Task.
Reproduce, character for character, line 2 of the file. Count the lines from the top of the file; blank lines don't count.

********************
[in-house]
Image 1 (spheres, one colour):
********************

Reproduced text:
Image 1 (spheres, one colour):